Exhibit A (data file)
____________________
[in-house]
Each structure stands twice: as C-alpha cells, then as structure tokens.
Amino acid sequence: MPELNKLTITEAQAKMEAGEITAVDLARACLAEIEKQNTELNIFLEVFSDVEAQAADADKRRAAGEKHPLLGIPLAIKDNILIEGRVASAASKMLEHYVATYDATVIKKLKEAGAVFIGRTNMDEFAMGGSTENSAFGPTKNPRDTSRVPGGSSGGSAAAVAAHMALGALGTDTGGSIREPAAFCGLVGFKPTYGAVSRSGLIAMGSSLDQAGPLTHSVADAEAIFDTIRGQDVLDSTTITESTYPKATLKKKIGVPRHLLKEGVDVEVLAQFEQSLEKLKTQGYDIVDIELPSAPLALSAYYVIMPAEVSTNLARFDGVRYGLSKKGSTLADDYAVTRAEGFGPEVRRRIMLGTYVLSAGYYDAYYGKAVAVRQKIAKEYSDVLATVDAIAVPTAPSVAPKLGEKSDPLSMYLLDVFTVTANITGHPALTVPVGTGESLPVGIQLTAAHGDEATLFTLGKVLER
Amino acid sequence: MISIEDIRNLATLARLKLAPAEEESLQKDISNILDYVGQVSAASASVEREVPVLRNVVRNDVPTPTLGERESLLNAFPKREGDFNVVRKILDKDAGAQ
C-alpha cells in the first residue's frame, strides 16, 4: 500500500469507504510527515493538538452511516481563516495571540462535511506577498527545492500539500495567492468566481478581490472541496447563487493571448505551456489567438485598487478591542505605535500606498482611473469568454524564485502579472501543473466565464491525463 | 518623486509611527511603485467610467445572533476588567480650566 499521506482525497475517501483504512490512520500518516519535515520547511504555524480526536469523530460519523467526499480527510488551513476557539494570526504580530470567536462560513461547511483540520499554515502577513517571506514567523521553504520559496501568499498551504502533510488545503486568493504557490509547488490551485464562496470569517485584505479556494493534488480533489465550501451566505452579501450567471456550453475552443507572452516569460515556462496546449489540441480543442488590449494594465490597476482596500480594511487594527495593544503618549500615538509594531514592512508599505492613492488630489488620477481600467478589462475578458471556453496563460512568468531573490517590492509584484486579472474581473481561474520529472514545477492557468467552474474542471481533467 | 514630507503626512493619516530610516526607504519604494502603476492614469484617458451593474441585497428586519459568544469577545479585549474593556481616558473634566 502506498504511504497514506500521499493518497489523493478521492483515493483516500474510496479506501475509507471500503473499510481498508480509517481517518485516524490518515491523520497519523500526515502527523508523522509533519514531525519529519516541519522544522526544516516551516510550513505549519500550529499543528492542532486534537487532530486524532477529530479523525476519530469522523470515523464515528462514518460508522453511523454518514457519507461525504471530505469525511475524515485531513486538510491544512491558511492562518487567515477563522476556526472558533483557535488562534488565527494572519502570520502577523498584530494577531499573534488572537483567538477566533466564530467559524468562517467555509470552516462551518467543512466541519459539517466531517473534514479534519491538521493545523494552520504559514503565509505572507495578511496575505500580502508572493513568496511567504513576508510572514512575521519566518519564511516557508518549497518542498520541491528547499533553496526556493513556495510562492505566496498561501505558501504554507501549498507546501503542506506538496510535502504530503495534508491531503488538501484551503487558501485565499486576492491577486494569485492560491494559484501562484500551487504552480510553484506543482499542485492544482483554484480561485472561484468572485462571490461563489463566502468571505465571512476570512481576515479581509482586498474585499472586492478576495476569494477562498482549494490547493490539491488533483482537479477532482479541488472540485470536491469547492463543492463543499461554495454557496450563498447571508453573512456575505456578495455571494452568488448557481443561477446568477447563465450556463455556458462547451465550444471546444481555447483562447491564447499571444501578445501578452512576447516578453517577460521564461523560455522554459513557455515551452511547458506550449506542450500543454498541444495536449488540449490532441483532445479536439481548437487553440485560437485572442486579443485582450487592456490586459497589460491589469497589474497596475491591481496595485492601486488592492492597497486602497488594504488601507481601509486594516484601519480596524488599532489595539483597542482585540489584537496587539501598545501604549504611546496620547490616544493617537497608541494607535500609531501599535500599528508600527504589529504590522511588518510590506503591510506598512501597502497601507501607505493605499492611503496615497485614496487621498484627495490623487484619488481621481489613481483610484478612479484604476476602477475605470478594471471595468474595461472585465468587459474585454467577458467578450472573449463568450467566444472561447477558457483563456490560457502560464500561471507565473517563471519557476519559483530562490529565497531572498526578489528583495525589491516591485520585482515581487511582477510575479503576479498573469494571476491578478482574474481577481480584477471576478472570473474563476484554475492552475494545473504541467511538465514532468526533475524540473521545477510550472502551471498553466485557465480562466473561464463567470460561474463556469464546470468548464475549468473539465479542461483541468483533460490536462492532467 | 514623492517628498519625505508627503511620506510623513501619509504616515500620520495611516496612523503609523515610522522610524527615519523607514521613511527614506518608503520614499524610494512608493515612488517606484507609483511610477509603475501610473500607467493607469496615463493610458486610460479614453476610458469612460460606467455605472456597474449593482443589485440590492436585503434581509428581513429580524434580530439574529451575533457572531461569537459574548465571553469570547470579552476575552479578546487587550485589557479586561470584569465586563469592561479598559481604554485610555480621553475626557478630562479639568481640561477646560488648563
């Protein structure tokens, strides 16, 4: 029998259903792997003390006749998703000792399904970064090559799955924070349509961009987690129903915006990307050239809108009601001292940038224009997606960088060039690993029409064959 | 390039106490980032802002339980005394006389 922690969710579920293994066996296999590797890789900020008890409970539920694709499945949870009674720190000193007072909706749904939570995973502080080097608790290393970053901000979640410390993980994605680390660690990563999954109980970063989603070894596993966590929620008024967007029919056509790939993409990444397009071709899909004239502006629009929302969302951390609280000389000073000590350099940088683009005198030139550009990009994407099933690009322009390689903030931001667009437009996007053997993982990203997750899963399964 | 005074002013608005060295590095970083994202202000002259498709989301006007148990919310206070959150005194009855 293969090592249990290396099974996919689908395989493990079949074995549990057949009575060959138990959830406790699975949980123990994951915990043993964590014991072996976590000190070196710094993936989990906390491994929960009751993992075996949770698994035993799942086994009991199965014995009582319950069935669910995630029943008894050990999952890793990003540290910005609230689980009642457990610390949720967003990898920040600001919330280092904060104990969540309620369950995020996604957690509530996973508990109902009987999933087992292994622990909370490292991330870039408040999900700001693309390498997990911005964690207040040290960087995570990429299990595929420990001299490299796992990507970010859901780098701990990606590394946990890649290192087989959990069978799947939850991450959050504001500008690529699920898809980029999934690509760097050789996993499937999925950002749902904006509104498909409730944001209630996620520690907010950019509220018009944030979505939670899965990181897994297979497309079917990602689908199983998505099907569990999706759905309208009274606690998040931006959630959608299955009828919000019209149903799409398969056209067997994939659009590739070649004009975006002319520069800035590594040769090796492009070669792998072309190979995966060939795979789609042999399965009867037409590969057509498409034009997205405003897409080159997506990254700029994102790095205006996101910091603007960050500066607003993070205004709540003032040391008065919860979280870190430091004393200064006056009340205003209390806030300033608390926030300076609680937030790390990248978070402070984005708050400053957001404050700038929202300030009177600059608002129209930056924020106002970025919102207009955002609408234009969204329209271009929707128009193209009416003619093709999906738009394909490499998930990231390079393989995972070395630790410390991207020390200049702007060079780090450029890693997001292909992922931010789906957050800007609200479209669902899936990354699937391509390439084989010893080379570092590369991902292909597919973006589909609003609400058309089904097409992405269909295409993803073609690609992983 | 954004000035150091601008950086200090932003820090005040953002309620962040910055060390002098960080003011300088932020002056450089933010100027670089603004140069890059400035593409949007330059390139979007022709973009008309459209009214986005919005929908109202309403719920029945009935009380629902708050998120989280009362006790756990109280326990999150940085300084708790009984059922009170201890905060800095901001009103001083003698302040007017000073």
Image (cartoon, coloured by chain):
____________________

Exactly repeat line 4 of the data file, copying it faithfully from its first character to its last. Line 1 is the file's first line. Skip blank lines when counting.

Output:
Amino acid sequence: MISIEDIRNLATLARLKLAPAEEESLQKDISNILDYVGQVSAASASVEREVPVLRNVVRNDVPTPTLGERESLLNAFPKREGDFNVVRKILDKDAGAQ